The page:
George Washington Papers

To George Washington from William Linn, 16 December 1795

From William Linn

New-york, Decr 16th 1795.


Amidst the weighty cares & business which occupy your mind, particularly at this moment, I can hardly hope to be excused in offering for your perusal a sermon preached here, on the late thanksgiving day. Much less, I fear, will I be excused for the liberty taken in attempting an encomium upon you.1 I can only plead in my defence that shameful & cruel abuse with which some public papers have lately teemed, & which excites a becoming indignation in the breast of every friend to virtue & good order.

That Almighty God would give you wisdom & firmness, & continue you long as a blessing to your country, is the ardent prayer of, Sir, your obedient and humble servant

Wm Linn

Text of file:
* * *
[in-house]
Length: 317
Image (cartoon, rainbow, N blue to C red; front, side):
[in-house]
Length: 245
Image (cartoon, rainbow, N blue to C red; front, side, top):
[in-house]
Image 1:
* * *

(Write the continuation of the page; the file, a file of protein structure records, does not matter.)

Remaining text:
Linn enclosed A Discourse, Delivered on the 26th of November, 1795; Being the Day Recommended by the Governor of the State of New-York to be Observed as a Day of Thanksgiving and Prayer, on Account of the Removal of an Epidemic Fever, and for Other National Blessings (New York, 1795), which was in GW’s library at his death (Griffin, Catalogue of the Washington Collection, description begins Appleton P. C. Griffin, comp. A Catalogue of the Washington Collection in the Boston Athenæum. Cambridge, Mass., 1897. description ends 125). On page 33 of that sermon, Linn wrote: “Can the man who toiled and fought for years to secure our liberty and independence; the man whom unanimous suffrage raised to the first seat in our new government; the man who has long since arrived at the summit of fame; the man who is the admiration and envy of the world; the man to whom crowns and sceptres would be empty baubles; the man with whose virtues future historians shall blazon their page, and all generations shall arise to call blessed; can such a man betray us? ’Tis impossible. ’Tis too like the whisper of misguided zeal, of discontent, or of malevolence. ’Tis a tale too much calculated to undermine, and to bring into disrepute all republican governments.”

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